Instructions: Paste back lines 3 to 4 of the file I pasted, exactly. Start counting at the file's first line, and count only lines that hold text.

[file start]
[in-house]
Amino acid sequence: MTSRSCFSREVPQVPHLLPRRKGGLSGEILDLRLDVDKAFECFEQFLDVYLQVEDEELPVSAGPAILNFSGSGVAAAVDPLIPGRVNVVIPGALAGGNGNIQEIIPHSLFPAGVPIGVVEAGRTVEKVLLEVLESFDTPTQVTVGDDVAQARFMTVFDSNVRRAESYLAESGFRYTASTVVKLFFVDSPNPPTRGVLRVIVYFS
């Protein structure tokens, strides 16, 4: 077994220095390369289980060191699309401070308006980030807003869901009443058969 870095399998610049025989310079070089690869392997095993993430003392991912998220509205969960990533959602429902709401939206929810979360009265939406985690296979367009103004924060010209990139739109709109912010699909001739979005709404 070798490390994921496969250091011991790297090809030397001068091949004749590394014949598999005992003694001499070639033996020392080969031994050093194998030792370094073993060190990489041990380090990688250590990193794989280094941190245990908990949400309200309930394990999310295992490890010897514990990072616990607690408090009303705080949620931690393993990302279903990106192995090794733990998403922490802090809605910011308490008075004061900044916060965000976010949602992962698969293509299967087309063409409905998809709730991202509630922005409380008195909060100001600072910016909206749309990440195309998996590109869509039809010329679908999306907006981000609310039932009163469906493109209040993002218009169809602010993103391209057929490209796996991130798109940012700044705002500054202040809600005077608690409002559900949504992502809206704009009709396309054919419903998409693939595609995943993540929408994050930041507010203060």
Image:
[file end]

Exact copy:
């Protein structure tokens, strides 16, 4: 077994220095390369289980060191699309401070308006980030807003869901009443058969 870095399998610049025989310079070089690869392997095993993430003392991912998220509205969960990533959602429902709401939206929810979360009265939406985690296979367009103004924060010209990139739109709109912010699909001739979005709404 070798490390994921496969250091011991790297090809030397001068091949004749590394014949598999005992003694001499070639033996020392080969031994050093194998030792370094073993060190990489041990380090990688250590990193794989280094941190245990908990949400309200309930394990999310295992490890010897514990990072616990607690408090009303705080949620931690393993990302279903990106192995090794733990998403922490802090809605910011308490008075004061900044916060965000976010949602992962698969293509299967087309063409409905998809709730991202509630922005409380008195909060100001600072910016909206749309990440195309998996590109869509039809010329679908999306907006981000609310039932009163469906493109209040993002218009169809602010993103391209057929490209796996991130798109940012700044705002500054202040809600005077608690409002559900949504992502809206704009009709396309054919419903998409693939595609995943993540929408994050930041507010203060």
Image: